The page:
Alongside education and engagement, acceptance of the new materials by manufacturers is another major market barrier.
A few years ago, there was a push toward sustainable materials in surfboards, but the technology wasn’t mature and the end product underperformed. This created skepticism in the market.
The new materials perform much better; even pro surfers can’t tell the difference. Now, legendary shapers like Santa Cruz based Bill ‘Stretch’ Riedel and San Clemente’s Timmy Patterson are starting to put their name on surfboards made from these more sustainable materials.
Based on that, major surf brands are starting to pay attention, and are now encouraging their sponsored pros to give these new materials a try.
Step 3. Certify and Incentivize
Are consumers getting extra value from their new boards? Stewart, who previously developed verification and certification programs for consumer products at stalwart organizations like Underwriters Laboratories, believes so.
In fact, Sustainable Surf is ramping up to launch the ECOBOARD Project, which will include a website designed to educate and connect surfers and board builders, as well as a third party eco-label for qualified surfboards – a first for the surfboard industry.
“Surfers, like anybody else, want to know the products they buy actually bring a meaningful benefit to the environment and human health. Other consumer products – including washing machines – are covered by the Energy Star label, an authoritative stamp of approval from the EPA” says Stewart. “We’re not at that level yet, but with the ECOBOARD project, we are developing a minimum benchmark of more sustainable materials for use in surfboards. This will be coupled with a consumer facing eco-label for boards to verify the use of those materials by the board builder.”
As the program develops in the future, a robust standard will be created, which surfboards – as well as other surf gear – could be certified against. “That’s the ultimate game changing path for surfboards” says Stewart, “and we see it as a matter of when – not if.”
The ECOBOARD Project uses incentives to help build customer demand in the early stages of the program. Each purchased ECOBOARD has a unique serial number, which can be registered on Sustainable Surf’s website for a chance to win brand name gear. The approach enables Sustainable Surf to accurately track how many ECOBOARDs are purchased each year, providing useful data to present to potential partners.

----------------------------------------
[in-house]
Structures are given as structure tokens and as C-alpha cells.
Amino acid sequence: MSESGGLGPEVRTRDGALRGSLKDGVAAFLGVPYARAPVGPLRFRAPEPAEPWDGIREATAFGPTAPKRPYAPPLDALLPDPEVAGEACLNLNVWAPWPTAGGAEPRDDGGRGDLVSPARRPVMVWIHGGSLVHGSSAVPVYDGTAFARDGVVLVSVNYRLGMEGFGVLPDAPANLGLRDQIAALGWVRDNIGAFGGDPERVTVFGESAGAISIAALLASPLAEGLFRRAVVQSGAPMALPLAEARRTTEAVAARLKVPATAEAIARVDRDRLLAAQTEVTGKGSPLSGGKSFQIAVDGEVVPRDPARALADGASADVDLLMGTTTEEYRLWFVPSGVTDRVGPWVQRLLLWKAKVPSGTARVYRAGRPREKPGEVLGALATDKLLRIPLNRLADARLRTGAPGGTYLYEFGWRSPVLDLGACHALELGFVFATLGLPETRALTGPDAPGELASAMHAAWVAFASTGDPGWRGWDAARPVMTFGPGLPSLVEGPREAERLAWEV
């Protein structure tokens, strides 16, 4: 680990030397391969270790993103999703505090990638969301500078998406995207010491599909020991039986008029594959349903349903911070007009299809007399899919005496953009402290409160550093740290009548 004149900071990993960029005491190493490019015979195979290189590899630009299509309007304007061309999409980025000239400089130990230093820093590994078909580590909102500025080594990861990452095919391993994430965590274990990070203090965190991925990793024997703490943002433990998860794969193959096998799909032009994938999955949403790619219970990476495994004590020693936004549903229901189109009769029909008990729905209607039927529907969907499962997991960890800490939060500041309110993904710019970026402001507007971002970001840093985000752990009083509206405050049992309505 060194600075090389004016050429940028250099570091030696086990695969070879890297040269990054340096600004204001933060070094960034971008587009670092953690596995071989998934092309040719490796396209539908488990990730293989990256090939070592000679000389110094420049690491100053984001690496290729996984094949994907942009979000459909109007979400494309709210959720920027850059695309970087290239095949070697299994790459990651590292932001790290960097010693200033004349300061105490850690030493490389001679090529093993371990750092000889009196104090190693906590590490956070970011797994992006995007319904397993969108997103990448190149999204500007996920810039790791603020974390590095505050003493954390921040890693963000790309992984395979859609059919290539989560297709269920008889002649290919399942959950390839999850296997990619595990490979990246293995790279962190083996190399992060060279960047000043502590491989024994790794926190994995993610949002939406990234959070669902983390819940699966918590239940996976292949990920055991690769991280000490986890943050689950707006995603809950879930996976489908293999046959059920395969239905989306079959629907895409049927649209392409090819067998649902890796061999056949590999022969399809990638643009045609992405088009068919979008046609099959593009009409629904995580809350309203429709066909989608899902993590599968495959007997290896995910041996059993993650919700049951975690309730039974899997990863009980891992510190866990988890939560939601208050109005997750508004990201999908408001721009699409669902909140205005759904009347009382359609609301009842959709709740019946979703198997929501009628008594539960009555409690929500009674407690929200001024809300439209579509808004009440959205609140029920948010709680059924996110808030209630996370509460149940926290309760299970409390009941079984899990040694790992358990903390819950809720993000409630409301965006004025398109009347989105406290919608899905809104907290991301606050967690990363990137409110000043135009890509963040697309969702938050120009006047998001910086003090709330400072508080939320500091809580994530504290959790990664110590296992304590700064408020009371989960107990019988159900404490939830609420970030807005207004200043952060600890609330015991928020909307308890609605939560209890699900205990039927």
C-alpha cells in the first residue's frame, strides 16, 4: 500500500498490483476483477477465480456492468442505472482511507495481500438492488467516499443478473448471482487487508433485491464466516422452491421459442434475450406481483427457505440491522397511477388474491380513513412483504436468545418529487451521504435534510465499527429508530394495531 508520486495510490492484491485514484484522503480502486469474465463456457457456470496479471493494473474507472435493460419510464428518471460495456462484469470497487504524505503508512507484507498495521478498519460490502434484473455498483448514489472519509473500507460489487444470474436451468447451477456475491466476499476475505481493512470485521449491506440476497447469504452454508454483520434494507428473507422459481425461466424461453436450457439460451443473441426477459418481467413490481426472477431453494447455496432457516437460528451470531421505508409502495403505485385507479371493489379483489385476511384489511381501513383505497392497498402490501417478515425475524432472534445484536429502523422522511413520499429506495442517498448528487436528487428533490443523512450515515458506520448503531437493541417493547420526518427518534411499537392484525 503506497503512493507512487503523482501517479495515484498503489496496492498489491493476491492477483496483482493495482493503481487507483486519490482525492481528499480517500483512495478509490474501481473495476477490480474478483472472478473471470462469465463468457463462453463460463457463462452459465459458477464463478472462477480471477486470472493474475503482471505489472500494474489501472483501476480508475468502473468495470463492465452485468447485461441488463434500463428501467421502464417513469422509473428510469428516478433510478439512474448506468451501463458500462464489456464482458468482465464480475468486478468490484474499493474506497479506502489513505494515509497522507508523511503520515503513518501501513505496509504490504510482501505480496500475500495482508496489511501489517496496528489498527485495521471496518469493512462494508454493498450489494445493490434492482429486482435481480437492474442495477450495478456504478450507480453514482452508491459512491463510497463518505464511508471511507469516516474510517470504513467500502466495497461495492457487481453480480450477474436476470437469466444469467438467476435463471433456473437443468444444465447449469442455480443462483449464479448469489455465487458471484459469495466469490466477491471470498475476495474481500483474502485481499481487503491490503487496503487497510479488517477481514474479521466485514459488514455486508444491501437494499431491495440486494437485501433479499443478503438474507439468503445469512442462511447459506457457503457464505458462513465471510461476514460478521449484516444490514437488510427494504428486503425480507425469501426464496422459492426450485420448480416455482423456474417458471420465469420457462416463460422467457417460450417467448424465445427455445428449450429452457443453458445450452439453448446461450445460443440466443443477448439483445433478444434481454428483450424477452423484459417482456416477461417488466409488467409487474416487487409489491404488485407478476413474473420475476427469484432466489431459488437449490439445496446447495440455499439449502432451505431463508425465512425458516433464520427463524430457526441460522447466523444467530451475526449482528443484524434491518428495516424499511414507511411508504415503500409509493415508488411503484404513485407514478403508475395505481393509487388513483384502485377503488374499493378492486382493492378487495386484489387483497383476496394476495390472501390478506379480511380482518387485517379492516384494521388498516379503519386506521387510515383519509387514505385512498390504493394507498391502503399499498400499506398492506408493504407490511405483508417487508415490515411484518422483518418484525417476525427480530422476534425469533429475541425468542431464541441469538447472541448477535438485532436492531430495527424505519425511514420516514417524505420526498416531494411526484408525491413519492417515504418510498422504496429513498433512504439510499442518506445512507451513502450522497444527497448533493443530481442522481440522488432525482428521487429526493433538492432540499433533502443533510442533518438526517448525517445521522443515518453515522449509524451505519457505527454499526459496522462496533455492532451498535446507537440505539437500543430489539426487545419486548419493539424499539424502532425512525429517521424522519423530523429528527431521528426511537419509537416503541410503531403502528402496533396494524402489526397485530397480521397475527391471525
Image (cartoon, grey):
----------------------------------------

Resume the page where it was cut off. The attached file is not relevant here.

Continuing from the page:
These incentives are great to kickstart the program, but they ultimately don’t need to be a permanent element in the surf industry transformation. “Financial incentives are useful at certain moments, but their importance is often over-estimated” says Whilden. “The WashWise program actually stopped giving cash-back rebates in the third year, and sales only dipped by a tiny amount. By then, the market was transforming on its own.”
The key is understanding the market barriers, so proper incentives are applied at the proper time. “Our market research strongly suggests that demand for ECOBOARDs will grow rapidly because many surfers feel it’s the right thing to buy, and performance is on par with the more toxic-materials-based counterparts” says Whilden.
The surfing lifestyle is strongly connected to environmentally responsible consumption, provided the knowledge and opportunities are there. Once the program becomes established, this sense of community will provide a stronger motivation than money.
Lessons For Transformers
So how to effect that market transformation? Here are a few takeaways from Stewart and Whilden.
1. Determine if the market is actually ready to transform.
- Does the sustainable technology make good sense to consumers?
- Can it compete in terms of performance and durability?
- Is the manufacturing capacity available?
2. Identify market barriers, and determine if they’re consumer-driven, manufacturer-driven, or both.
3. Map out how to reduce those barriers through education, marketing and incentives.
4. Connect product with consumers, then evaluate sales performance.
5. Develop sustainability benchmarks, and create a seal of approval designate preferred options in the market.
6. Update program techniques rapidly through continuous market evaluation.
Marc Stoiber is a creative director, entrepreneur, green brand specialist and writer. He works with clients to build resilient, futureproof brands. Marc’s leadership positions have included VP of Green Innovation at Maddock Douglas, President and Founder of Change Advertising, National Creative Director of Grey Canada and Creative Director of DDB Toronto. He has helped two ad agencies rise from obscurity to market prominence, and his work has been recognized by virtually every international industry award for advertising and design. Marc writes on brand innovation for Huffington Post, Fast Company, GreenBiz and Sustainable Life Media. He also speaks on the subject from coast to coast, and has been featured at TED. He can be reached at email@example.com. This article originally appeared in Sustainable Brands and was reprinted with permission from Marc Stoiber.